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President Obama lays wreath at NYC's ground zero

May 5, 2011 12:00:00 AM PDT
President Barack Obama marked the latest chapter in the war on terror Thursday with a ceremony at ground zero.

He laid a wreath at the site of the collapsed Twin Towers of the World Trade Center in New York, paying tribute to victims of the Sept. 11, 2001, terrorist attack. The ceremony has an added layer of poignancy, now that the man who organized the attacks is dead.

"President Obama kept that pledge alive to all first responders, all New Yorkers, all Americans, not to stop until bin Laden was captured or killed," said Paul Nunziato, president of the Port Authority Police Benevolent Association.

Obama met with Sept. 11 families, police officers, and toured a fire station that lost 15 firefighters during the attack before arriving at ground zero to lay the wreath of remembrance of the nearly 3,000 people killed that day. Obama was accompanied by former New York City Mayor Rudy Giuliani.

"I just want to thank him," said Jim Riches, who lost his son during the Sept. 11 attacks. "Hug him and thank him, shake his hand and say thanks. From father to father, thank you for doing this for me, taking care of the man that's out there bragging and saying he is proud that he killed my son."

Former presidents George W. Bush and Bill Clinton were invited to the event but chose not to attend. Bush congratulated Obama, the military and intelligence personnel in a statement Sunday night, calling Osama bin Laden's death "a victory for America," however, he felt that that acting presidents alone should preside over such official ceremonies.

The somber ceremony took place at the foot of the "Survivor Tree," which is a pear tree that survived the Sept.11 attack. It was removed from the site and nursed back to health before being re-planted at the site in Dec. 2010.

"What happened on Sunday because of the courage of our military and the outstanding work of our intelligence sent a message around the world, but also sent a message here back home that when we say we will never forget, we mean what we say," said Obama while visiting a New York City fire station. "Our commitment to make sure justice was done is something that transcended politics. We were going to make sure that the perpetrators of that horrible act received justice."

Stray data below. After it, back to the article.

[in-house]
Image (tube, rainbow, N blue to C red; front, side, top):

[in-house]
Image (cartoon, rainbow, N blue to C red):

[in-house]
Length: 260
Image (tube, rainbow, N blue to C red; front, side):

People weren't necessarily celebrating at the ceremony, but were glad to see this chapter come to a close. In talking with the families of Sept. 11 victims, they were happy to see the president and wanted to thank him for bringing bin Laden to justice.

"It was breathtaking," said one spectator. "I was so proud of him and so proud of this country."

"He was down at ground zero when he died with 342 other brothers," said Maureen and Alexander Santoro of their son who was a firefighter. "He died a hero. We will never forget him. He is with us every single day. He is rejoicing up in heaven that this happened the way it did, and that the American troops got this guy."

Construction is continuing at the site where the Freedom Tower is being built. It will be 1,776 feet tall and 110 stories high. There are currently 64 stories built, and is going at a rate of approximately one story per week. It will also include a museum. Completion is expected for 2013.

Obama is expected to stay in New York City until Thursday afternoon.

ABC News reported that the president will meet with members of the Navy SEAL team and others from the mission to kill bin Laden at Fort Campbell, Kentucky on Friday. Sources say Obama will thank the team members of their courage and sacrifice and congratulate them on a job well done.

Response to Obama's decision to not release photos

There's new criticism of how the administration has handled news of bin Laden's death. Reuters is releasing photos of some of those killed in the compound, but not of bin Laden himself. The president's cabinet was split over whether or not they should make the photos public.

It is reported that the president was persuaded by Secretary of Defense Robert Gates and Secretary of State Hillary Clinton, who argued that the photos could be used as a propaganda tool to recruit more terrorists. Still, some lawmakers think people have a right to see them.

"I think to put down the conspiracy theories it would have been better to release it." said Homeland Security Chairman Republican Peter King. "I think it was a close call because I do know people in the administration who think it should be released."

"You take the DNA testing, 99.7 percent I think it was, assuredly that it was Osama bin Laden," said House Committee Chairman Republican Mike Rogers. "His wives are now saying it was Osama bin Laden. You take all that evidence. It's pretty clear Osama bin Laden is dead. Should we risk the life of one soldier to make these public?"

Several Sept. 11 families also said it would help them with the closure process to see bin Laden's face. But ultimately the president says it's just too risky, so he won't release them.

"It is important for us to make sure that very graphic photos of somebody who was shot in the head are not floating around as an incitement to additional violence, as a propaganda tool," Obama said.

"We want to see him dead," said Lisa Reina, who is a family member of a Sept. 11 victim. "He took away a part of all our lives that we're never going to get back, and I think it's very important for the family members to see a picture."

Look for Eyewitness News anchor Marc Brown's reports from ground zero in New York City Thursday on Eyewitness News.

The Associated Press contributed to this story